From correlation to copying

You have the source code from two different programs. You run them through CodeMatch and find high correlation numbers. Have you proven copying? Not yet. There are still a few steps to go through first. Finding a correlation between the source code files for two different programs doesn’t necessarily mean that illicit behavior occurred. At SAFE we’ve determined that there are exactly six reasons for correlation between two different programs. These reasons can be summarized as follows.

  • Third-Party Source Code. Both programs use open source
    code or purchased libraries.
  • Code Generation Tools. Automatic code generation tools,
    such as Microsoft Visual Basic or Adobe Dreamweaver, generate
    software source code that looks very similar.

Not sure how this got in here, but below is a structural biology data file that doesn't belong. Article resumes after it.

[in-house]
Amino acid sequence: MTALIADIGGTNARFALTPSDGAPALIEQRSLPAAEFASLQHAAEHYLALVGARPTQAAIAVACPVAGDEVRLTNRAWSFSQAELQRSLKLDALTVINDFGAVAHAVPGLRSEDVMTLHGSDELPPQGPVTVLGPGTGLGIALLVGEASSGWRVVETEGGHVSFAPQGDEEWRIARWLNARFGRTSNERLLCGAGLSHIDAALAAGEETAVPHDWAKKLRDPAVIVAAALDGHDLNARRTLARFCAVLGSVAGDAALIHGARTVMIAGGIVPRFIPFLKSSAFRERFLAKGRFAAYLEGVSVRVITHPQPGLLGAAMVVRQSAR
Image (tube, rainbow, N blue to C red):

• Common Identifier Names. Certain identifier names are
    commonly taught in schools or commonly used by programmers in
    certain industries.
  • Common Algorithms. There may be an easy or well-understood
    way of writing a particular algorithm that most programmers use,
    or one that was taught in school or in textbooks.
  • Common Author. One programmer, or “author,”
    will create two programs that have correlation simply because
    that programmer tends to write code in a certain way.
  • Copied Code. Code was copied from one program to another.
    If the copying was not authorized by the original owner, then
    it comprises plagiarism.

It’s important when using CodeMatch to understand these rules. Especially in litigation. Before there can be proof of copyright infringement, all of the other 5 reasons for correlation need to be eliminated. CodeSuite offers some sophisticated filtering functions that allow you to filter out aspects of the code that are correlated due to the other 5 reasons. What’s left, after filtering, is correlation due to copying.

You can read more about this in the article in IP Today entitled, What, Exactly, Is Software Plagiarism?